On Oct. 20, 2014, EPA made a preliminary determination to regulate strontium in drinking water. 79 Federal Register 62716. Every five years, under the Safe Drinking Water Act (SDWA), EPA is required to evaluate and make a regulatory determination on at least five unregulated contaminants.

The contaminants are chosen from the Contaminant Candidate List (CCL) which is a list required to be developed by EPA under the SDWA every five years. The third CCL was published in October 2009.

From the third CCL, EPA made determinations on five of the 116 contaminants. Of the five contaminants, 1,3-dinitrobenzene, dimethoate, terbufos, terbufos sulfone and strontium, EPA made a preliminary determination only to regulate strontium.

The EPA applies three criteria when evaluating the CCL: (1) the potential adverse effects of the contaminant on the health of humans; (2) the extent of contaminant occurrence (or potential occurrence) in public drinking water; and (3) whether regulation of the contaminant presents a meaningful opportunity for reducing health risks for persons served by public water systems.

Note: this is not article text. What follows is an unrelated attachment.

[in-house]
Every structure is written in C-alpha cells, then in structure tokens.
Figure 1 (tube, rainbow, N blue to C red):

In its Oct. 20 notice, EPA explained that, at elevated levels, strontium causes a substitution of calcium in the bones affecting skeletal development. Although strontium affects all stages of life, those whose bones are in the developmental stages are most at risk, including infants, children and adolescents. The studies cited in the preliminary determination indicated that strontium has been detected in 99 percent of public water systems and at levels of concern in 7 percent of public water systems in the country.

Strontium is a naturally occurring substance. The primary historic use for strontium was in faceplate glass of cathode-ray tube televisions. According to EPA, as recently as 2008, uses included fireworks and steel production.

EPA requested comment on these preliminary determinations. The comment period closed Dec. 19, 2014. EPA will evaluate the comments and will issue a final regulatory determination in 2015. If a final determination is made that a contaminant will be regulated, EPA will begin the process to propose a National Primary Drinking Water Regulation (NPDWR) within 24 months. A finalized NPDWR will be finalized within 18 months following the proposal.